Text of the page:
“Years of research have consistently demonstrated that the SAT is a valid predictor of first-year college success for all students, regardless of gender, race, or socioeconomic status. The questions on the SAT are more familiar because the content better reflects what students will already have learned in class.

   The new SAT has undergone comprehensive item-level testing to ensure that the operational test forms are of the highest technical quality, both with regard to fairness and validity. Every question on the SAT is researched and pre-tested with a representative sample of students to ensure quality and prevent bias. High school teachers, college faculty, and other experts review each question multiple times to ensure that it reflects what evidence has shown to be essential for college readiness and success; frames the task clearly; is grade-appropriate; is fair to all students; and models good classroom instruction and productive student practice.

Research and evidence show the value of using SAT scores in context as one part of the admissions process:

  • Considering test scores in context helps admissions officers make more equitable and inclusive admissions decisions.
  • Test scores and grades together are the best way to predict success in college.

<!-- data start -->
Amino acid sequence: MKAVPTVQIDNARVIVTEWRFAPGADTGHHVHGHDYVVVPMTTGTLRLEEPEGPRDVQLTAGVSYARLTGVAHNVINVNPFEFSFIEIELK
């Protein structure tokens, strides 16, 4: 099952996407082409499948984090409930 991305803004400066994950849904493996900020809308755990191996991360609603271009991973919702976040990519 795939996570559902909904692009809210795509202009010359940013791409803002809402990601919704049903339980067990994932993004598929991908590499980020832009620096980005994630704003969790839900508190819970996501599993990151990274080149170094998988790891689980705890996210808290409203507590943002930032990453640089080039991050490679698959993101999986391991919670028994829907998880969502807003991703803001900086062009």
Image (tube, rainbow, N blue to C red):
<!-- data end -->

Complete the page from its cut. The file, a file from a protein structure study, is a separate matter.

• When students take the SAT during the school day—as nearly a million did in 2020 thanks to the commitment from our state and district partners—they are more likely to apply and enroll in college.”


Carol Fritz, 28 years of college admissions experience

“Test scores are the opportunity for a student to share how much information, over the course of their education, they have retained. It is not necessarily a measurement of a student’s overall knowledge. Each college/university has its own standard baseline test scores, they may use as a gauge, in determining the potential for a student’s future success at their institution. It is helpful and can be significant but it is not the only reason a student is admitted, waitlisted, deferred, or denied at any college or university. They can at times be useful in gaining insights, however, they are not the predictor of success. Pro: Tests can help to gain some insights about an individual’s comprehension of material. Con: As a society, we have taken testing and made it overly competitive. I would share again it is a moment to gain insights on some comprehension a student has at that specific time.”